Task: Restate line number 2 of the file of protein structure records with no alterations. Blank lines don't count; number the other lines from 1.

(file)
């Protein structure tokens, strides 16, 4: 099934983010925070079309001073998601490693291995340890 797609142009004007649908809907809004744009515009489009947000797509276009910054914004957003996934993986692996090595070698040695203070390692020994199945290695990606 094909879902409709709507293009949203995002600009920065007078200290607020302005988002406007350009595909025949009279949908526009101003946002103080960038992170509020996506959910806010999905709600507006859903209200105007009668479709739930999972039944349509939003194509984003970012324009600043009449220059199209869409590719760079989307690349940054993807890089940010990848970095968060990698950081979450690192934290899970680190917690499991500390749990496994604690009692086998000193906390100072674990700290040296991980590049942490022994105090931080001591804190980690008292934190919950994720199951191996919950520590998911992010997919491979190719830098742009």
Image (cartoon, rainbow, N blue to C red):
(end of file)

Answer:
Image (cartoon, rainbow, N blue to C red):